John and Nicole Parise loved their home’s location and close-knit community of friends and neighbors. Unfortunately, they couldn’t say the same for their kitchen. The closed floor plan of the space limited the other areas of their home and made keeping an eye on two children a daily struggle. As much as the Parises loved their location, it looked like moving to a new home was the only way to get the space they needed. Or was it?
Before they committed to a move, John and Nicole Parise decided to give their home one last shot and renovate their kitchen. They knew a live-in remodel with two children would be a struggle, but it wasn’t impossible. They just needed the right help.
The perfect match for John and Nicole Parise’s kitchen renovation came in the form of Alure Home Improvements, an award-winning home improvement company specializing in every aspect of home upgrades. “Our designers spent hours sitting down with the Parises, learning their likes, dislikes and needs. We really worked as a team to find the perfect materials for the project,” said Sal Ferro, President and CEO of Alure Home Improvements.
With the Parises living in the house during the remodel, our biggest challenge was reducing the construction burden,” Christina Piekut, Alure Designer, said. “We were looking for the biggest impact with the least amount of aggravation for the Parises.”
“We started by taping off the work area with plastic to keep the dust and dirt out of the other areas of the home. It was also very important that the work was continuous. We worked hard to keep open communication with the Parises and stick with our schedule. We were just thinking – how can we work around your life?” said Mike Kelly, Production Supervisor.
“They were like a well-oiled machine,” Parise said. “They hit every mark and they treated me like family.”
“With the open floor plan the Parises wanted, we had to knock out a few walls,” Kelly said. “To keep everything structurally sound, we installed a 1,000-pound beam in place of a load-bearing wall. It took 10 guys to wrestle that thing into place!” laughed Kelly.
The challenges didn’t end with the beam, either. “The original kitchen had an electric stove-top island.” Piekut said. “It was a concern for the kids’ safety and it took up way too much space. Mrs. Parise decided on a gas range for her new kitchen, so we had to figure out how to run gas lines into the kitchen.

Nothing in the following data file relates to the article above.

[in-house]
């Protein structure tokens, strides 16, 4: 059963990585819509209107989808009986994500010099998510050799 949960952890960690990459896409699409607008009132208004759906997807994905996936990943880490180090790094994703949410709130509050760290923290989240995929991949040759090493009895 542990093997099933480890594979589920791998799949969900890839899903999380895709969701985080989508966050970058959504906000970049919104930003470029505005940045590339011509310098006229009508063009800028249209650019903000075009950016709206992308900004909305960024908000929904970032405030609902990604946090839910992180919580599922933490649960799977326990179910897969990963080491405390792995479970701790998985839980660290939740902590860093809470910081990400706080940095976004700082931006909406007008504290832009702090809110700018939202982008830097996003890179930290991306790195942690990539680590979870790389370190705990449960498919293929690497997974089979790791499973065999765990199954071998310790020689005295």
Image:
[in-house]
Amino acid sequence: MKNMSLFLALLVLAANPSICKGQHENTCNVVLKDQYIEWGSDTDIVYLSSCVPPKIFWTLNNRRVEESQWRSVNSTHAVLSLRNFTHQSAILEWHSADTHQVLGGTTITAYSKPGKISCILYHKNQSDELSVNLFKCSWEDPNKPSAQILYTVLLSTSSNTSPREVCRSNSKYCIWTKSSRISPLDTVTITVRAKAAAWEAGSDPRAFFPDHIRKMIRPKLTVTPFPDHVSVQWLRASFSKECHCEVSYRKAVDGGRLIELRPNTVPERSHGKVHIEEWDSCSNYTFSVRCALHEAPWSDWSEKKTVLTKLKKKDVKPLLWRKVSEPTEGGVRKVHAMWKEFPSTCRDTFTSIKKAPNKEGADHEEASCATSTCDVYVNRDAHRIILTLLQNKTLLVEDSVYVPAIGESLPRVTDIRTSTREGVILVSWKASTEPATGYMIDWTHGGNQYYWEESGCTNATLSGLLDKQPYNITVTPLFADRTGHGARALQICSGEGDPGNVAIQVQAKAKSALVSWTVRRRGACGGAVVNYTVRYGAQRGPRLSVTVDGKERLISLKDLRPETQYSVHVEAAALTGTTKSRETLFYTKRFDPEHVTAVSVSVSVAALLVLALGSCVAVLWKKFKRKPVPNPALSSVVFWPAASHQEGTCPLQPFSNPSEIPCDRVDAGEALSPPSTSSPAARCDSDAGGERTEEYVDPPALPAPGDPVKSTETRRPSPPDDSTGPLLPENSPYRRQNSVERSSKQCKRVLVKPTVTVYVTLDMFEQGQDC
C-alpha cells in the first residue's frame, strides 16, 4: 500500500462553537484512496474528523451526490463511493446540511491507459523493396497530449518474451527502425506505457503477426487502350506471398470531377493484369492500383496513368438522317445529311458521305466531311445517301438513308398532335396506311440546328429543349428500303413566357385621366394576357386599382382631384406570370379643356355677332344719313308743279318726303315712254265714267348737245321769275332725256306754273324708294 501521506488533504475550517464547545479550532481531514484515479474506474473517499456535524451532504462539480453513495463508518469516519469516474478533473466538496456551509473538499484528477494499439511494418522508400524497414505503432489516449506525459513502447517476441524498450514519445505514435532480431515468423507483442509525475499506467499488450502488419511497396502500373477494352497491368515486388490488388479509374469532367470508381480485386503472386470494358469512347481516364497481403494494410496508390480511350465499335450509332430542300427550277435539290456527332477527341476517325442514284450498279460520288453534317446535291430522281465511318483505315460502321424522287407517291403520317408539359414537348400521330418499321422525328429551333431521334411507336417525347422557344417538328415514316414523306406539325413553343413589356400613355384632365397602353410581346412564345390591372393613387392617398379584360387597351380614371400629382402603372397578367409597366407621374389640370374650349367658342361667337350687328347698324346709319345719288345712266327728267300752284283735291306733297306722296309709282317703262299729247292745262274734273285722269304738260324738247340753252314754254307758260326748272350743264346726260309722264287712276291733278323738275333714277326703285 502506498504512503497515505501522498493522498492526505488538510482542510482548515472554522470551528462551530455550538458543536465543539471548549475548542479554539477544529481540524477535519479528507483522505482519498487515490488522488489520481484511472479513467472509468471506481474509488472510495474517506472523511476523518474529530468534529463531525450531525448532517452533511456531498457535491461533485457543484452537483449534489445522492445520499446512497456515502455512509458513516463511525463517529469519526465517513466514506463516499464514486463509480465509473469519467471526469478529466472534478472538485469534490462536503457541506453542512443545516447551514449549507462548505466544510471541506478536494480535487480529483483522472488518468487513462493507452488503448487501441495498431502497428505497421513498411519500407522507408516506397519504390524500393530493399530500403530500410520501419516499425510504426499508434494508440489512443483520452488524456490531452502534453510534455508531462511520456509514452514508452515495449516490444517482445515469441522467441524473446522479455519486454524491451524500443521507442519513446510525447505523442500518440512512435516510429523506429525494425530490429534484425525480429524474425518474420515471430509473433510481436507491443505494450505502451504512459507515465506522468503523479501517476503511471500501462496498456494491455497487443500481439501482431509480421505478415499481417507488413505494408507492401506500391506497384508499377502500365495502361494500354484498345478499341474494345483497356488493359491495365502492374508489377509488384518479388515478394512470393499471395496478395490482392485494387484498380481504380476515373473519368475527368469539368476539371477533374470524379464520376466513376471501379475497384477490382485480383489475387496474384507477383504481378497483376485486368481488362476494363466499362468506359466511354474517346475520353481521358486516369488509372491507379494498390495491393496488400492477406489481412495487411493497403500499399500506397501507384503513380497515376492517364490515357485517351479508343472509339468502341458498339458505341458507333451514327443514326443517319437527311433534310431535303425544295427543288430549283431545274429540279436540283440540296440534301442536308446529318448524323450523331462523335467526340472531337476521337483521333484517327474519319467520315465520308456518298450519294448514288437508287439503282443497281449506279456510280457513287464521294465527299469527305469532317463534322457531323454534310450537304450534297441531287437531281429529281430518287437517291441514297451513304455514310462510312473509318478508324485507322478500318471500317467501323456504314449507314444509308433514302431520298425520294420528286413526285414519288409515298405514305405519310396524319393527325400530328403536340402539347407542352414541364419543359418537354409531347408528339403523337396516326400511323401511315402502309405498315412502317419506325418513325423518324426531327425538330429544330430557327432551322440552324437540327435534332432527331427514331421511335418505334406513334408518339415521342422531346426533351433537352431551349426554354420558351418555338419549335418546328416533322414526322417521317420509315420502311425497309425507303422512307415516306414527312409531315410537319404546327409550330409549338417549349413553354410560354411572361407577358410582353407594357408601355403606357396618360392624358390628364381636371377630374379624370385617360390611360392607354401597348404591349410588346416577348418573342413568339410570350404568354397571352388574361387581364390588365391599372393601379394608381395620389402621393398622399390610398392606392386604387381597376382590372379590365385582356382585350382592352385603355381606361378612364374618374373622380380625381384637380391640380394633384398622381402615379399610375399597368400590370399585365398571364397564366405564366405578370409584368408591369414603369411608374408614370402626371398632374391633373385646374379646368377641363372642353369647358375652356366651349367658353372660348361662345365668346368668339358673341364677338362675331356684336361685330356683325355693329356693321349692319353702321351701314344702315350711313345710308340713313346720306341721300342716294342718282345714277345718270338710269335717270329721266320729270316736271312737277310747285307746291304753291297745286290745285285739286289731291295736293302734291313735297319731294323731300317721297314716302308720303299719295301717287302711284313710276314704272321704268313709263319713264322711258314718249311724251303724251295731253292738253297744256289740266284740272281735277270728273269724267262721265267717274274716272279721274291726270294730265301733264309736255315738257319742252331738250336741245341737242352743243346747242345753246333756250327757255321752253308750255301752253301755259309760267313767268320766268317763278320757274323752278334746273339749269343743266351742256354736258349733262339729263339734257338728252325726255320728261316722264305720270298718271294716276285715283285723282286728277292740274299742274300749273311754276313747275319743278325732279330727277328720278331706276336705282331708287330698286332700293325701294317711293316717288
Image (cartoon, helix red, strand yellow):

We had a guy crawl under the house — it wasn’t even really a crawlspace — to find a gas hook up. We eventually ended up sistering the gas line to the electric line. The Parises were really gracious about giving us access to their home.”
Not every struggle turned out to be structural. As with any project, budgeting is always a concern. “We have two kids, so we were looking for cabinets that were strong and looked great, but didn’t cost a fortune,” Parise said. “We spoke with our designer and she was able to work around our budget and still give our kitchen an amazing look.
When it came to the design of their new kitchen, the Parises wanted a fresh, wide-open look. “Opening up our top floor got rid of that closed-off feeling we had before. It really brought everyone together,” Parise said. “We also lucked out with our designer. She knew exactly the look we were after. I mean, my wife would start a sentence and she would finish it!”
The best part of the Parises’ new kitchen came during the first family gathering in their new space. “This Thanksgiving was the first time everyone was together in the same room,” Parise said. “Normally, half of the family would be in the kitchen and the other half in the living room.” Parise continued, “Before this project, we were definitely going to move, but after we saw this kitchen, we knew we had to stay.”
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